Date: Tue, July 13th | Time: 7 pm | Location: Online on Zoom
The main presentation starts at 7 pm, but feel free to drop in beginning at 6:30 pm for an open Q&A session.
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Darwinian beekeeping is an evolutionary approach to beekeeping, one that seeks to provide managed honey bee colonies with living conditions that are as close as possible to those of wild honey bee colonies. The goal is to harmonize our beekeeping methods with the natural history of Apis mellifera, and thus allow the bees to make full use of the toolkit of adaptations that they have evolved over the last 30 million years. I will review ways in which the living conditions of honey bees differ between wild and managed colonies. I will also show how we can pursue beekeeping in a way that is centered less on treating a bee colony as a honey factory and more on nurturing the lives of the bees.
Dr. Thomas D. Seeley is the Horace White Professor in Biology at Cornell University. He is based in the Department of Neurobiology and Behavior, where he teaches courses on animal behavior and does research on the behavior and social life of honey bees. His work is summarized in three books: Honeybee Ecology (1985), The Wisdom of the Hive (1995), and Honeybee Democracy (2010). He has also written Following the Wild Bees (2019) and The Lives of Bees: The Untold Story of the Honey Bee in the Wild (2019).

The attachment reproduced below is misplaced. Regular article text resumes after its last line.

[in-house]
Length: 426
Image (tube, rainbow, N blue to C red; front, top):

Dr. Seeley received his undergraduate degree in chemistry from Dartmouth College. He received his PhD in 1978 from Harvard University, where he studied with Bert Hölldobler and Edward O. Wilson. He held a postdoctoral fellowship in the Society of Fellows at Harvard until 1980, when he accepted a faculty position at Yale University. He remained there until 1986, when he joined the Department of Neurobiology and Behavior at Cornell University.
In recognition of his scientific work, he has received the Alexander von Humboldt Distinguished U.S. Scientist Prize, been awarded a Guggenheim Fellowship, received a Gold Medal Book Award from Apimondia for The Wisdom of the Hive, and been elected a Fellow of both the Animal Behavior Society and the American Academy of Arts and Sciences. His most enduring honor, though, is to have had a species of bee named after him: Neocorynurella seeleyi.
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